After the pools, we walked up the Via Dolorosa, which is pretty strenuous even without carrying a cross, visited the Church of the Holy Sepulchre (the site of Jesus’ death) and then enjoyed lunch in the Armenian section of the old city.

After seeing the ancient sites, we met with Ruth, a young activist with the Israeli Committee Against House Demolitions. She gave us a fervent talk on the ongoing human rights abuses committed by the state of Israel against its Arab/Palestinian residents and strongly encouraged support of the BDS (boycott-divestment-sanctions) campaign. (Even though the U.S. “has the worst foreign policy,” she told us, she’d love to live in the U.S. “It’s really 50 different countries, isn’t it?” she said. “No one ever explains that.”)

Our visit with Ruth was followed by one last meeting, with Rabbi Yehiel Grenimann with Rabbis for Human Rights (RHR). Founded in 1988, RHR attempts to educate the Israeli public about human rights violations committed by the state and “gives expression to the traditional Jewish responsibility for the safety and welfare of the stranger, the different and the weak, the convert, the widow and the orphan.” Rabbi Grenimann spoke with us for over an hour, explaining his personal zionism (“Small z, not big”) and his hope that the country he loves can live up to the democracy that it claims to promote.

To be honest, this week has been exhausting. We’ve seen more than we imagined, heard more information than we can process, and walked for miles. But it’s been a tremendous blessing to be present in this land, in this space, and we know the spirit has accompanied us.

Click here to see more information on the delegation, including photos, additional posts, background info, etc.

REFLECTION: Sister Bowman’s presence, energy recalled 25 years after her death

from Catholic News Service

bowmanCANTON, Miss. — There is no doubt that Sister Thea Bowman possessed a presence. Many of those who knew her well speak of how she enveloped those around her with love, encouragement and positive energy, no matter if they were a lifelong friend or someone she just met.

March 30 marked 25 years since she died in the Canton home where she grew up.

A Franciscan Sister of Perpetual Adoration, she was a trailblazer in almost every role — first African-American religious sister from Canton, first to head an office of intercultural awareness, first African-American woman to address the U.S. Conference of Catholic Bishops, but to those who grew up under her tutelage in Canton, she was a singular inspiration.

“Calling her an encourager — that’s not even a strong enough word,” said Cornelia Johnson, a student of Sister Bowman. “She was that person who went beyond seeing the good in every person. She helped that good come out more,” Johnson added.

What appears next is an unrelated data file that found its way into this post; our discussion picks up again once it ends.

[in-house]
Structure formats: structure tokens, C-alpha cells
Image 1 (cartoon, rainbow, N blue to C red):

Prior to the anniversary of her death, the editors at the Mississippi Catholic, newspaper of the Jackson Diocese, asked some who knew her to reflect on her legacy and her call to evangelization…

Click here to read the entire article.

PAX CHRISTI INTERNATIONAL: Pax Christi International deplores refusal of entry of Secretary General José Henríquez into Palestine/Israel

Issued by the Pax Christi International Board

Pax Christi International Secretary General José Henríquez addresses the world assembly via Skype from Amman, Jordan after being denied entry into Israel.

Pax Christi International Secretary General José Henríquez addresses the world assembly via Skype from Amman, Jordan after being denied entry into Israel.

Pax Christi International deeply regrets that José Henríquez, our Secretary General, is not with us in Bethlehem for our World Assembly and 70th Anniversary Celebrations.

Refused entry into Palestine/Israel by the Israeli authorities, José’s absence is a great sadness to us. We fully support our Secretary General. Knowing him to be a man of integrity, we can think of no reason why he should be refused entry.

Speaking from Amman, José expressed his strong disagreement with the decision of the Israeli border officials and added: “I am living this experience in deep solidarity with the Palestinian people. This is only a small part of what they have to experience when they are denied access to East Jerusalem for medical care, family reunions and even for religious celebrations.”

One-hundred and fifty Pax Christi members, from all over the world have gathered in the birthplace of Jesus, a special place of peace and good will to all, a place of deep religious significance for us and for peace in the world. Here, we will renew our commitment to Justice and Forgiveness, Peace and Justice for all.